To some people, the Jackalope is nothing more then North American Folklore. But tales of a horned rabbit go much further back in history, and span many continents. Could the jackalope be based on a real creature?
In the middle ages, there is evidence of the belief in a horned rabbit species in Persia, as well as Bavaria (where it was locally known as the Wolpertinger). In Austria they called the horned bunnies raurackl, and in Switzerland they were known as a dillsapp.
In 1575, a Natural History Text “ Animalia Qvadrvpedia et Reptilia (Terra) by Joris Hoefnagel, included illustrations of a horned rabbit in a section on types of hare’s.
Throughout the Renaissance, many scientific texts listed a type of horned rabbit as a real animal. However, by the late 1800’s, most of the scientific community wrote of the jackalope as nothing more the folklore. (It is to be noted that these same scientists of the late 1800’s also wrote off the giant squid, and mountain gorilla as folklore).
Asia, Africa, and Central America have all also had legends and sightings of horned rabbits going back through antiquity. The Huichol legends of Central America tell a tale where deer received their horns from the rabbit.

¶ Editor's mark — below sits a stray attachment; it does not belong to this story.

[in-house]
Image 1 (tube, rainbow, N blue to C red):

In 1932, American taxidermist, and hunter Douglas Herrick made a jackalope by combining a rabbit carcass, with deer antlers. The fake jackalope was sold to a hotel, and mounted on prominent display. The jackalope drew so much attention from tourists, that the local chamber of commerce began issuing jackalope hunting licenses to tourists. The hunting licenses are good for hunting during official jackalope season, which occurs for only one day: June 31…
The jackalope is claimed to have the ability to imitate the human voice. In the Old West, when cowboys gathered by the campfires singing at night, jackalopes could reportedly be heard mimicking their voices.
A member of the Lewis and Clark expedition, John Colter, is the first American on record of reporting a jackalope sighting. He also reported seeing many other things that people of the time didn’t believe. Like spouting geysers and bubling mudpots along a river later to be called Yellowstone.
The website sudftw.com claims: The Jackalope (Lepus-temperamentalus) is one of the rarest animals in the world. A cross between an extinct pygmy-deer and a species of killer-rabbit, they are extremely shy unless approached.
Known by the ancients as “deerbunnies”, it wasn’t until the early 1960’s that the modern more fearsome “jackalope” name was adopted.
It is written that you can extract a Jackalope’s milk as it sleeps belly up at night. The milk is belived to be medicinal and can be used for a variety of afflictions. The truth is these creatures are aggressive and unpredictable, and should not be provoked for any reason!
The government wants you to believe they aren’t real, but there are many who believe. The evidence is mounting!